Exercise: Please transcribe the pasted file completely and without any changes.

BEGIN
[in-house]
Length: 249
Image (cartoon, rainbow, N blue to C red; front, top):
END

[in-house]
Length: 249
Image (cartoon, rainbow, N blue to C red; front, top):